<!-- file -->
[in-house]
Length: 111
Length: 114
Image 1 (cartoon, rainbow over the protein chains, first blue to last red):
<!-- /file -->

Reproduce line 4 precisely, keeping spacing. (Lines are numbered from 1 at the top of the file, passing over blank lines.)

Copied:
Image 1 (cartoon, rainbow over the protein chains, first blue to last red):